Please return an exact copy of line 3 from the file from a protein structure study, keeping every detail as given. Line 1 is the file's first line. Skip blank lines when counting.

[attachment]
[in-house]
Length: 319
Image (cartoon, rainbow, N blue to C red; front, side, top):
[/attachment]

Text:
Image (cartoon, rainbow, N blue to C red; front, side, top):